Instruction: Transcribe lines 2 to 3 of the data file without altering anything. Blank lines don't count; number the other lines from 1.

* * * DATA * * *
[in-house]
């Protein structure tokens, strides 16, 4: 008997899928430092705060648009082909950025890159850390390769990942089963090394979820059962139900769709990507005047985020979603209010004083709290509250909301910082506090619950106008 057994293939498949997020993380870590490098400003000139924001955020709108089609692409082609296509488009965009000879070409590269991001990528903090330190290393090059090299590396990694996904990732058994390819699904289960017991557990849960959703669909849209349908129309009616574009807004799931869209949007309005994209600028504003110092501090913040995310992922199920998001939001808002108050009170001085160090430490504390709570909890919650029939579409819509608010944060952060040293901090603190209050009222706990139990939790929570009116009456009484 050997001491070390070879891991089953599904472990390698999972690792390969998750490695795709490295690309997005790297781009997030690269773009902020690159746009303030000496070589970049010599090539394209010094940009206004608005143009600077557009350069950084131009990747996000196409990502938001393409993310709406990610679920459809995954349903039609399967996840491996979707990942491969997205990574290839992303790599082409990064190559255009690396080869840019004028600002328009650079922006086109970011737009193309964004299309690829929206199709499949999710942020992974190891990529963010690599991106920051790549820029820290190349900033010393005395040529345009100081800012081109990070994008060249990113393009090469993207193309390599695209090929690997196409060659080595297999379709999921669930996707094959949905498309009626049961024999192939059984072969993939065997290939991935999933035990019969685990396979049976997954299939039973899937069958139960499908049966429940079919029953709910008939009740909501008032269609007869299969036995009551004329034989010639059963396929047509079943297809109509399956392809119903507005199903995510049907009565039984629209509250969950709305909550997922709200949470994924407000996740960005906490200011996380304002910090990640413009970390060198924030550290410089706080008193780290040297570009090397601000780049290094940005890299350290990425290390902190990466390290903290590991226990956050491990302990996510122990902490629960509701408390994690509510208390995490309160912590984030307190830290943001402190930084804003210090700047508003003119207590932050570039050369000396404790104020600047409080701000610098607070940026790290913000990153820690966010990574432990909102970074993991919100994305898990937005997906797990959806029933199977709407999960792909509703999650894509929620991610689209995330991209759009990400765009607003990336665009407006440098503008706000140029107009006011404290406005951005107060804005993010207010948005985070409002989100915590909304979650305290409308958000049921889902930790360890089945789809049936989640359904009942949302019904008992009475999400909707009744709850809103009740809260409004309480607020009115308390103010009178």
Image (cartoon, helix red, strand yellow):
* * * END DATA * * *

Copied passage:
């Protein structure tokens, strides 16, 4: 008997899928430092705060648009082909950025890159850390390769990942089963090394979820059962139900769709990507005047985020979603209010004083709290509250909301910082506090619950106008 057994293939498949997020993380870590490098400003000139924001955020709108089609692409082609296509488009965009000879070409590269991001990528903090330190290393090059090299590396990694996904990732058994390819699904289960017991557990849960959703669909849209349908129309009616574009807004799931869209949007309005994209600028504003110092501090913040995310992922199920998001939001808002108050009170001085160090430490504390709570909890919650029939579409819509608010944060952060040293901090603190209050009222706990139990939790929570009116009456009484 050997001491070390070879891991089953599904472990390698999972690792390969998750490695795709490295690309997005790297781009997030690269773009902020690159746009303030000496070589970049010599090539394209010094940009206004608005143009600077557009350069950084131009990747996000196409990502938001393409993310709406990610679920459809995954349903039609399967996840491996979707990942491969997205990574290839992303790599082409990064190559255009690396080869840019004028600002328009650079922006086109970011737009193309964004299309690829929206199709499949999710942020992974190891990529963010690599991106920051790549820029820290190349900033010393005395040529345009100081800012081109990070994008060249990113393009090469993207193309390599695209090929690997196409060659080595297999379709999921669930996707094959949905498309009626049961024999192939059984072969993939065997290939991935999933035990019969685990396979049976997954299939039973899937069958139960499908049966429940079919029953709910008939009740909501008032269609007869299969036995009551004329034989010639059963396929047509079943297809109509399956392809119903507005199903995510049907009565039984629209509250969950709305909550997922709200949470994924407000996740960005906490200011996380304002910090990640413009970390060198924030550290410089706080008193780290040297570009090397601000780049290094940005890299350290990425290390902190990466390290903290590991226990956050491990302990996510122990902490629960509701408390994690509510208390995490309160912590984030307190830290943001402190930084804003210090700047508003003119207590932050570039050369000396404790104020600047409080701000610098607070940026790290913000990153820690966010990574432990909102970074993991919100994305898990937005997906797990959806029933199977709407999960792909509703999650894509929620991610689209995330991209759009990400765009607003990336665009407006440098503008706000140029107009006011404290406005951005107060804005993010207010948005985070409002989100915590909304979650305290409308958000049921889902930790360890089945789809049936989640359904009942949302019904008992009475999400909707009744709850809103009740809260409004309480607020009115308390103010009178």
Image (cartoon, helix red, strand yellow):